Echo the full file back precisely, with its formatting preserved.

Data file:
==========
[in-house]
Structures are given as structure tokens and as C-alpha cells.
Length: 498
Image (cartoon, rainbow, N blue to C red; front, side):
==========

[in-house]
Structures are given as structure tokens and as C-alpha cells.
Length: 498
Image (cartoon, rainbow, N blue to C red; front, side):